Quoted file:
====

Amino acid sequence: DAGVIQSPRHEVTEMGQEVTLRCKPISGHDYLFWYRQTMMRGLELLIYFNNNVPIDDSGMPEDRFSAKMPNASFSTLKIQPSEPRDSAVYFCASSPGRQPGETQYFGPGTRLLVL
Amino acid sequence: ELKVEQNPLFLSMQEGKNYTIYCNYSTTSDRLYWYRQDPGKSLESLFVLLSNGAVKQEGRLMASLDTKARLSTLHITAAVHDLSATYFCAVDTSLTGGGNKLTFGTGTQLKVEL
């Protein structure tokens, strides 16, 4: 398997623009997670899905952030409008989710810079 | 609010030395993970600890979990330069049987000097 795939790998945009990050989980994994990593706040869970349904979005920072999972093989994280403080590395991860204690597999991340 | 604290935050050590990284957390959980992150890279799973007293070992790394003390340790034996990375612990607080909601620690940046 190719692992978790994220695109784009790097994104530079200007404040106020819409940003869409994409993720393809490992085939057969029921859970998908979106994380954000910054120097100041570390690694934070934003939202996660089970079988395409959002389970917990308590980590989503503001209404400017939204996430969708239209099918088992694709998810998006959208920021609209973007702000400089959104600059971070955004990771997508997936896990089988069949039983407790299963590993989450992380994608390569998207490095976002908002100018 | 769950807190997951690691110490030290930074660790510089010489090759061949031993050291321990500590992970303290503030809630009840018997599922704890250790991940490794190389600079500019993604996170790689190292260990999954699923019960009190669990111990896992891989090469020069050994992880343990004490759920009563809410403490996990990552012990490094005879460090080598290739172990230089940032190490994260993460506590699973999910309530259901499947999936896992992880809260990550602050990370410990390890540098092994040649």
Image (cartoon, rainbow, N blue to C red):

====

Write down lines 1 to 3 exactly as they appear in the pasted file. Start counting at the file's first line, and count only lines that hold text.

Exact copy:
Amino acid sequence: DAGVIQSPRHEVTEMGQEVTLRCKPISGHDYLFWYRQTMMRGLELLIYFNNNVPIDDSGMPEDRFSAKMPNASFSTLKIQPSEPRDSAVYFCASSPGRQPGETQYFGPGTRLLVL
Amino acid sequence: ELKVEQNPLFLSMQEGKNYTIYCNYSTTSDRLYWYRQDPGKSLESLFVLLSNGAVKQEGRLMASLDTKARLSTLHITAAVHDLSATYFCAVDTSLTGGGNKLTFGTGTQLKVEL
């Protein structure tokens, strides 16, 4: 398997623009997670899905952030409008989710810079 | 609010030395993970600890979990330069049987000097 795939790998945009990050989980994994990593706040869970349904979005920072999972093989994280403080590395991860204690597999991340 | 604290935050050590990284957390959980992150890279799973007293070992790394003390340790034996990375612990607080909601620690940046 190719692992978790994220695109784009790097994104530079200007404040106020819409940003869409994409993720393809490992085939057969029921859970998908979106994380954000910054120097100041570390690694934070934003939202996660089970079988395409959002389970917990308590980590989503503001209404400017939204996430969708239209099918088992694709998810998006959208920021609209973007702000400089959104600059971070955004990771997508997936896990089988069949039983407790299963590993989450992380994608390569998207490095976002908002100018 | 769950807190997951690691110490030290930074660790510089010489090759061949031993050291321990500590992970303290503030809630009840018997599922704890250790991940490794190389600079500019993604996170790689190292260990999954699923019960009190669990111990896992891989090469020069050994992880343990004490759920009563809410403490996990990552012990490094005879460090080598290739172990230089940032190490994260993460506590699973999910309530259901499947999936896992992880809260990550602050990370410990390890540098092994040649």